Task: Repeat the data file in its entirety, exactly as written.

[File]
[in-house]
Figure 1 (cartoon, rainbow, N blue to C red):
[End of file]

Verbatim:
[in-house]
Figure 1 (cartoon, rainbow, N blue to C red):